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How do I get started writing for magazines?
1. First, read a variety of children’s magazines and determine which magazine(s) appeal to you and which age groups attracts you most.
2. Decide what you are drawn to most: fiction, articles, poetry, activities.
3. Read and analyze lots of those pieces–look at more than one issue of your chosen magazine(s).
4. Check out market books and get guidelines and, if available, theme lists/editorial calendars for the chosen magazine(s). Some guidelines are available on-line. Others you may need to write for, enclosing an SASE.
5. Write your piece in a similar tone as the pieces in the magazine. Make sure it fits the word length, etc. in the guidelines. When it’s the best you can make it, submit it. (Don’t start with the hard to get into magazines such as Highlights for Children and Cricket–get some publishing experience first.)
6. Move on to writing another manuscript.
Some people call articles stories, while others only refer to fiction as stories. How do I know what’s what?
I personally differentiate these two by nonfiction (article or essay) or fiction (story), and of course, each of those categories can be broken down more. That said, I will at times call a piece a “true story” versus an article. That usually happens in response to a magazine looking for “true stories about…” Sometimes these are also called true experiences.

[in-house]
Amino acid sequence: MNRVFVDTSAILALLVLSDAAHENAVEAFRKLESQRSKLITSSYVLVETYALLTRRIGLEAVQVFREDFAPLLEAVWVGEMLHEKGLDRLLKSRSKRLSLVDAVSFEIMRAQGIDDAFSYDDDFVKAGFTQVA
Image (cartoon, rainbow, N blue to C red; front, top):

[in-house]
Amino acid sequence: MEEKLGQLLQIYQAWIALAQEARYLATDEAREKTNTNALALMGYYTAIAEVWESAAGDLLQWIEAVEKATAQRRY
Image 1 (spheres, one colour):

When submitting a manuscript, I usually indicate “article” or “nonfiction” for those true stories and “fiction based on a true story” or “fiction” on those I’ve made up.
Should I always send a cover letter with my submission?
I don’t. The reasons I do are:
1. The magazine requests manuscripts with a cover letter.
2. I have more information I want them to know (e.g. why I wrote the piece, or my submission fits a theme, etc.).
3. It might be pertinent for them to know my other writing experience and I don’t think a full résumé is needed.
What do I say in a cover letter?
1. Grab the reader with something exciting – this may be a direct quote from the manuscript, or a catchy line or something about the theme of your piece.
2. Give a brief summary of your story, essay, article.
3. Tell title, genre, word count and rights you are offering. If reprint rights*, tell where and when it has appeared.
4. Mention anything special you are including: color slides, digital photos, sidebars, related websites, etc.
5. Include your writing credits: either “I’m enclosing my résumé” or a list of some magazines you’ve been published in. Don’t apologize for not having credits. Don’t say you’re a first time writer.
6. Bring up other issues that might be important. For example, if a story or article is set in a particular town and you lived there, tell the editor so. If you have experience in a particular job, craft, or hobby, and it relates to your piece, say so.
7. If sending a manuscript by snail mail, mention you’ve included a self-addressed stamped envelope. You may want to include an SASE for their reply instead of for the return of the manuscript. I found I was reprinting manuscripts all the time anyway, and can save postage by sending a smaller SASE. Some publishers are now only replying with acceptances, which in that case you can state something like, “I understand you only reply if interested. You may discard this copy of the manuscript.” This information is usually available through their guidelines.